Join Campbell County Health May 21-27 as we honor our
Emergency Medical Services providers during
National Emergency Medical Services Week to honor the dedication of those who provide the day-to-day lifesaving
services of medicine’s front line. EMS professionals are Paramedics,
Intermediate EMTs, Advanced EMTs, Basic EMTs and EMT/RNs—they are
people who help others, save others, and serve others with compassion
This year, CCH asked four of our EMS pros some questions to help you better
get to know them. Check out what they had to say. And, when you see our
EMTs and Paramedics around town, we encourage you to say hello!
CCH EMS Director Christopher Beltz, EMT-Paramedic
What do you want the public to know about the EMTs/Paramedics that you
manage at CCH?
The public can be assured that the crews responding on ambulances have
passed rigorous training standards to become licensed and complete 100’s
of hours of additional training each year to ensure they are providing
up-to-date competent emergency medical care.
All of our staff—from EMT’s to paramedics—are highly
trained and skilled in the work they do. Becoming an EMT requires completion
of a 150-hour long course that includes classroom time, ambulance ride
time, clinical time in an emergency department and successful completion
of a written test and skills verification. To become a paramedic our staff
must first be a licensed EMT for a minimum of one year. Then, they must
complete a 1,800-hour long course that includes classroom time, clinical
rotations in an
cardiac cath lab,
surgery unit, and
behavior health unit. They also have to successfully pass a written test, skill verifications,
and oral cardiology scenarios.
Once staff is licensed, they have to recertify their license every two
years, which requires approximately 100 hours of continuing education
each year. In additional to taking care of approximately 3,500 patient
each year, our staff attend monthly EMS training, regularly train while
on duty, attend classes on various topics offered through the hospital,
and attend our three-day EMS University each year. All staff is also required
to maintain Healthcare Provider level
CPR and EMT-Intermediates and Paramedics must maintain certification in Advanced
Cardiac Life Support and Pediatric Advanced Life Support.
Denny Bohne, EMT-Paramedic
What three characteristics/qualities should all paramedics have, and why?
Love to help others, be prepared for anything, and be a mentor/open to learn.
I love to care for people. In fact, I’ve been picking up and caring
for people and animals most of my life. I’ve started numerous IVs
in cattle and gave calves CPR before I was giving CPR to people.
As a small town medic, people will call you up and ask you to check on
their mom. Or, they will stop by your house on the weekend and ask you
if they should take their sick kiddo to the hospital. I’ve learned
that if someone has a medical question, I will likely need all of my tools
with me; including the ambulance.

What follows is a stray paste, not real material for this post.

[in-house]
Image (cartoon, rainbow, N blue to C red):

As a mentor, you have to share your experiences with your colleagues. They
want to understand your knowledge of a situation and compare it with what
they have done so that they can enhance their patient care. And, I also
learn from them—a paramedic should never stop learning.
Colleen Long, EMT-Paramedic
Why did you choose to become a paramedic?
I wanted to be become a paramedic after working as an EMT basic during
the tornado in Wright in 2005. After seeing what more help I could be
as a paramedic I decided to take the jump. I enjoy the variety of the
calls, you never know what your call may be. To have a patient or their
family stop and tell you thank you for the help, is one of the most amazing
things ever to hear. I love to learn and working as a paramedic you never
stop learning. The people you meet—from patients to coworkers—are
the best part of the job; they bring great inspiration to my life. As
I furthered my career as a paramedic, I wanted to inspire others to join
EMS, I have taught classes for the last five years from EMT basic to Intermediate.
It’s incredible to help those who want to be the helpers, to help
start someone down the path into EMS.
Derric Culey, EMT-Intermediate
What three tips would you give to a new EMT / Paramedic?
1. My coworkers always told me “take a day off, you are going to burn
yourself out.” I never believed them and I never listened to them,
until I went full-time and had days off every week—when I don’t
pick up an extra shift! A day or two off was the best thing for me. Always
take time away from work for yourself, to spend with family or to just
do nothing. Take a vacation every once-in-a-while so there are no chances
of being called in or listening to your pager when you are at home!
2. Don't get discouraged. You are going to question yourself. You will
have bad calls. But in the end, you need to know you did everything you
could do and you used all the knowledge you have! Everyone has a different
way of doing things from assessing a patient to talking on the radio.
Listen to everyone’s advice, and then find the way you like to do
it. Just because you do something different than some of your partners
does not mean you are doing it wrong. Be confident in your work—always
have the “I know I can do this” attitude, just don't be cocky.
3. Don't be afraid to fail. Nothing teaches you more than learning from
your mistakes. You can be your best teacher or your own worst enemy. Surrounding
yourself with your coworkers is important as they will be your biggest
support system. They are the ones who say, “you can do it”
and “don't give up” when you are ready to throw in the
towel. Your coworkers aren’t just the people sitting next to you
in the ambulance either; they are police officers, sheriffs, firefighters,
dispatchers, nurses, doctors, secretaries and anyone in between. They
will all have your back and help you in any way they can. They don't
want to see you fail.